Delicious Maple Dijon Pork | Carnivorlicious!

by • February 6, 2013 • Food 'N DrinkComments (0)158

When you are, or you are cooking for, a hungry meat-and-potato eater, this is your go-to roast. Just picture yourself marching to the dinner table with a Norman Rockwell caliber bubbling steaming hunk of meat. A holiday roast fit for a king, made by a robot.

Ingredients (as shown above)

  1. 1-2 pound Pork Loin
  2. 1 or more Garlic cloves, + 1 onion
  3. Dijon Mustard (as much as will cover the loin)
  4. Maple syrup “”
  5. A coating of  Turmeric, 1 bay leaf, crunch of  salt 

Just unwrap a nice juicy slab of pork loin fresh from your local butcher and slap it down on the counter. Chop up an onion and garlic, then mix it with Dijon mustard, turmeric and salt in a bowl. Then caress the flesh with your fingertips, gently massaging your chopped mixture into the tender pig. If you are making a go at the eater’s heart through their stomach, you are well advised to wear gloves or cling-wrap. Garlic does not come out of  skin without a fight. Just think about how it is sinking deliciously into the marbled meat before you and do the math. Depending on your time frame, the longer your meat sits in the rub, the better.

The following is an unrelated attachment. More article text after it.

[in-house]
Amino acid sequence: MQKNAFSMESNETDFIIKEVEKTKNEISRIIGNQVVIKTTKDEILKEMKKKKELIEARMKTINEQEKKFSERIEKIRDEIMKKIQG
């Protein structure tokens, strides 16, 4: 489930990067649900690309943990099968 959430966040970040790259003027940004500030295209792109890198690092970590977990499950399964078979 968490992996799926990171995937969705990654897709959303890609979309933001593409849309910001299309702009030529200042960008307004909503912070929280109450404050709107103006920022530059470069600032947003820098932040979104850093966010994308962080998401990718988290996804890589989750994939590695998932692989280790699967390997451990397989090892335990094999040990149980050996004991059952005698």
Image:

While you are waiting to pre-heat your oven to 350, also heat up a pan large enough to put the roast in. Your element should be 3/4 of the way to full blast. Hot, but not too hot. Drizzle your meat with a little oil and maple syrup. Then, with tongs, place your roast directly into the hot pan and singe the entire extremity including the top and bottom. It will make a lot of sizzling and splattering, so do it only until the roast has been darkened. Then place the roast into a casserole. Take all of the onions and spices that fell off the roast when you were massaging it and put it in there too, with bay leaf a cup of water.

You may now put it into the oven. Leave it in there without opening the door for a good hour, or longer depending how well-done you like it. Your work is done. The roast is ready to slice up, and the drippings in the bottom of the casserole are your gravy. Enjoy, you greedy carnivore! Wanna know what to eat with it? For complete meal idea visit MOOREKITCHEN

 

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